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Tynteni would be north of Lake Ohrid

Tynteni, or Tyntenoi (Greek: Τυντενοί) was the name of an Illyrian tribe,[1][2] living in villages, or of a town named Tynte, that may be the same[3] as Daton, a Greek[4] colony in Thrace. The Tynteni and Tynte are only attested in coins. If an actual tribe, the Tynteni were located north[5] of lake Ohrid. Their coins, whose minting stops in the early 5th century BC,[6] have similarities of those of Ichnae, that was in the archaic age Paeonian but later became Greek. The coin legend is (Greek: ΤΥΝΤΕΝΟΝ).

The Atintani seem to have originated[7] from the obscure Tynteni.

See also[edit]


  1. ^ The Ancient world, Volumes 25-26 Publisher Ares Publishers, 1994 p.112 "..Illyrian Tynteni.."
  2. ^ The Illyrian Atintani, the Epirotic Atintanes and the Roman Protectorate Author(s): N. G. L. HammondReviewed work(s):Source: The Journal of Roman Studies, Vol. 79 (1989), pp. 11-25...'Tyntenoi', as the Ionic form of an Illyrian name, with 'Atintanoi' in the West-Greek (or Doric) dialect.2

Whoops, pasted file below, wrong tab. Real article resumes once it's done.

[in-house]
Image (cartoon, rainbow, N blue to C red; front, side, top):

3. ^ Historia numorum: a manual of Greek numismatics by Barclay Vincent Head,1963,page 199,"suggests that Tynte may be identical with Daton."
  4. ^ An Inventory of Archaic and Classical Poleis: An Investigation Conducted by The Copenhagen Polis Centre for the Danish National Research Foundation by Mogens Herman Hansen, 2005, page 855, "The Thasians [...] they founded Krenides and Daton..."
  5. ^ A History of Macedonia: 550-336 B.C by Nicholas Geoffrey Lemprière Hammond, Guy Thompson Griffith, page 93
  6. ^ The Cambridge ancient history: The fourth century B.C. by D. M. Lewis and John Boardman, 1994, page 427, "The silver coinage of the Tynteni ceased early in the fifth century. The period after 475 was one of comparative poverty, during which contacts were lost..."
  7. ^ The Cambridge ancient history: Persia, Greece and the Western Mediterranean... by John Boardman, 1988, ISBN 0521228042, page 496, "The issuing authorities were tribes as far afield as the 'Tynteni' (later Atintani)..."